Israel fields GCC questions on Twitter

Israel's foreign ministry goes on to Twitter to try to explain its case, with some odd interactions resulting. Hugh Naylor reports from Ramallah

Israel's Twitter profile. It's foreign ministry has been attempting to engage with Arabs in the Gulf states.
Powered by automated translation

RAMALLAH // Some were curious about its secretive trade with Gulf states. Others infuriated by its treatment of the Palestinians. Still others lamented its uncertain commitment to peace.

But for several hours yesterday, a handful of Arabian Gulf residents brushed aside formal restrictions and decades of suspicion by holding discussions with Israel.

Well, virtual discussions.

As part of an Israel's attempts to engage Muslims and Arabs on social media, Rafi Barak, director general of Israel's foreign ministry, fielded dozens of questions using a Twitter feed created last month called "Israel in the GCC", referring to the countries - Saudi Arabia, Qatar, Oman, Kuwait, Bahrain, and the UAE - none of which have formal relations with Israel.

As is often the case on Twitter, the interactions were at times odd.

"Would you allow me to live in the State of Palestine with my Saudi flag?" one Saudi national tweeted.

Because of Israeli occupation, the Palestinians do not have a state.

Other queries were more serious.

One man from Kuwait wanted to know how to travel to Israel, which is generally banned by GCC governments. Mr Barak, replying on the Israel in the GCC account, gave instructions to visit the Israeli embassy in Jordan to obtain a visa.

Jordan is one of two Arab countries - the other being Egypt - with a peace treaty and formal diplomatic ties with Israel.

Other tweeps, as Twitter users are colloquially known, wanted to know more about Israel's trade with the Gulf.

A user identified as 3toy tweeted: "Where do you get your oil and gas exports from GCC? How many barrels/day?"

To that, Mr Barak was coy. "Israel imports oil either through bilateral agreements or through the free market. Eid Mubarak!" he replied.

Such curiosity about Israeli-GCC trade likely stems from decades of furtive and turbulent ties between the two sides.

Israel's relations with the GCC began to thaw during the 1990s heyday of the Israeli-Palestinian peace process. That resulted in the opening of Israeli diplomatic missions in Oman and Qatar.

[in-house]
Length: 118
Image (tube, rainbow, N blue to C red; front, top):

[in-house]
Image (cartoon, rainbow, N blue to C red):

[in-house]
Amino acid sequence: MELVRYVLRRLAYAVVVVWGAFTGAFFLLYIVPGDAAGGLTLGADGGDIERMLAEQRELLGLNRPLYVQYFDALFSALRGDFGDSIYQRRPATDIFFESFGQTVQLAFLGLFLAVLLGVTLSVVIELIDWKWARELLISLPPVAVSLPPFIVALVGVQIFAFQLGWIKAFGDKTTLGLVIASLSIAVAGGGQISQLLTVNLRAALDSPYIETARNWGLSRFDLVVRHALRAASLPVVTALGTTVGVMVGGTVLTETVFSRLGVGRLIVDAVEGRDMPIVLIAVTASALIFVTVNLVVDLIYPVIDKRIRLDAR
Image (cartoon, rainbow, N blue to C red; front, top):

But those missions were forced shut, respectively, in response to the Palestinian intifada, or uprising, that began in 2000 and Israel's three-week war on the Gaza Strip that started in December 2008.

The Arab League, which includes the GCC states, offered Israel formal relations in 2002 in return for withdrawing from the Palestinian territories.

The 11-year-old offer, dubbed the Arab Peace Initiative, was proffered again by the 22-member organisation earlier this year as part of an initiative by the US secretary of state, John Kerry, to restart Israeli-Palestinian peace talks. Israel has yet to formally respond.

Earlier this year, however, Israel's prime minister Benjamin Netanyahu appeared to snub the offer, which prompted Anas Sami, from Saudi Arabia, to tweet: "Why has Israel rejected the Arab Peace Initiative…."?

Despite the informal setting, the anger that Israel evokes in the region did tinge some of the contributions in yesterday's Twitter discussion.

Other tweets pointed to the futility of an internet outreach given the realities of the current situation.

Until Israel ended its "settlements, unfair trials and arbitrary detentions" against Palestinians, one resident of Khobar, Saudi Arabia, tweeted at Mr Barak, "it would be crazy to expect any positive outcome" from dialogue.

twitter: For breaking news from the Gulf, the Middle East and around the globe follow The National World. Follow us